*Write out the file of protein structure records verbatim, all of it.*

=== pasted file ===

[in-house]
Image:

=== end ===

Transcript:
[in-house]
Image: